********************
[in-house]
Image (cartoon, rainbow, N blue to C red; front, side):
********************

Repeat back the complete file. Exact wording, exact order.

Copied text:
[in-house]
Image (cartoon, rainbow, N blue to C red; front, side):